- October 12th, 2016
“Literary Fiction is Pin the Tail on the Donkey,” writes Toby Litt, “without being spun round and round, and without the blindfold.” And that’s just for starters. In Litt’s world, you either advocate for the disruptive power of literature or are its misguided adversary. He adds, “Literature makes you realize that you are not an established fact.”
- September 29th, 2016
Because You Asked: A Book of Answers on the Art & Craft of the Writing Life, edited by Katrina Roberts (Lost Horse Press)
On the Burning of Books by Kenneth Baker (Unicorn Press)
The Fate of Ideas, essays by Robert Boyers (Columbia University Press)
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- September 18th, 2016
In October 2015, Hindi poet Mangalesh Dabral was awarded the Sahitya Akademi prize by India’s National Academy of Letters. He turned down the award and its cash prize in protest over the death of the scholar M.M. Kalburgi, a progressive voice among a caste group called the Lingayat. Dabral was objecting to a wave of intolerance and increasing violence against minorities and dissenters.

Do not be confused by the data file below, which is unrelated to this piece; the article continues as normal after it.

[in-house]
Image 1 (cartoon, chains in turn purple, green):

- September 8th, 2016
Born in 1961 in Eisenkappel, Austria, Maja Haderlap worked for twenty years as a dramaturg, university lecturer, and cultural critic. In the 1980’s, her three books of poems drew attention for their unique lyricism and perspective on the experiences of Slovenian Austrians.
- August 29th, 2016
Jesse Ball’s novels clarify their unconventional premises and intentions according to their own natures. As a genre-shuffler, Ball draws you in through mastery of voice and context – strangely valid accounts of strangely familiar worlds. His processes demand as much recognition as his plots; his characters collude in gratifying the demand.
- July 27th, 2016on Invisible Man: Ralph Ellison and Gordon Parks in Harlem, edited by Michal Raz-Russo (Steidl/Art Institute of Chicago)
In 1947, Ralph Ellison had been working on his novel Invisible Man for two years when he was approached by an editor at The Magazine of the Year to write a feature on the new Lafargue Psychiatric Clinic in Harlem. Lafargue offered psychiatric services to blacks and whites, the only institution in New York to do so.